'We love you, dad' - JT's children pay loving tribute at his funeral
Published 30/07/2016 | 02:30
The 'Prince of Manister', and a National Hunt champion with 600 winners. A man who did not mince his words and who was sometimes a little grumpy. A courageous soldier who had battled on when the chips were down and had borne his suffering with fortitude.
JT McNamara (41) had been all of this and more, his death carving a gaping void in the tight-knit, fiercely fought world of racing.
But it was the halting words of the jockey's youngest son, Harry, that sent the tears tumbling down the cheeks of mourners, as he thanked God for "my dad", saying: "We ask the angels to take good care of you. We love you, dad."
Amid grief and gratitude for a life cut short yet lived to the full, they gathered at the little church in Manister, Co Limerick, where the jockey had faithfully attended.
JT's wife, Caroline, received a standing ovation as she spoke of her husband's courage, saying he had continued to set himself goals "all the time" and that getting back home and out to his yard had been a major achievement for him.
She thanked the Irish Injured Jockeys Fund, the Turf Club and the Injured Jockeys Fund UK, saying that without their assistance "JT's return would not have been possible".
Before the Mass, Dylan and Harry brought up JT's racing silks and crop, together with a photograph.
President Michael D Higgins was represented by his aide-de-camp, Commandant Michael Kiernan, while Taoiseach Enda Kenny was represented by ADC Kieran Carey.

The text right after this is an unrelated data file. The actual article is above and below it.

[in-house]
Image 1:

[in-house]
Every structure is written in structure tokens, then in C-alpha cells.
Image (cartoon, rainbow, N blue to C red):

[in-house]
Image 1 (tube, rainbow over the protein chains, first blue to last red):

Many senior figures from the world of racing filled the little church, including JP McManus, his wife Noreen and sons John and Kieran.
Mr McManus later said JT "did not die in vain", because the lives and welfare of many jockeys will be much improved because of the increased awareness and greater fundraising.
"So much good came out of it. So many people with injuries will be better off in the future, people rallied around when he got injured. There was a great love for him and his family," he said.
Tony McCoy said he would never forget the day of the fall in Cheltenham.
"He was a very brave person, a very tough man," he said.
"But he'd suffered enough. It's terrible - it's sad for everyone, for his wife Caroline and the kids, but they can be very proud of him and for the last three-and-a-half years he's made the most of a horrific situation."
He also said he believed his death was not in vain, explaining: "A lot of people were brought together and the welfare and care of jockeys will hopefully be better."
Trainers Ted Walsh Snr, Mouse Morris, Tom Taaffe, Willie Mullins, Enda Bolger and Gordon Elliot were among those present.
Around 30 jockeys formed a guard of honour as the remains left the church for burial. Among them were Ruby Walsh, Barry Geraghty, Nina Carberry, AP McCoy, Davy Russell, Robbie Power and Robbie McNamara, along with former jockey Mick Kinane and Jonjo O'Neill.
Chief celebrant of the funeral, Canon Gary Bluett, paid tribute to JT with the words of Shakespeare, saying: "Goodnight sweet prince, and may flights of angels sing thee to thy rest."
"That was Hamlet - Prince of Denmark... John - Prince of Manister. May he rest in peace," he said.
Afterwards, Ruby Walsh said that what had happened at Cheltenham that day was "every jockey's worst nightmare".
"You couldn't start to think about how you'd cope with it," Walsh said.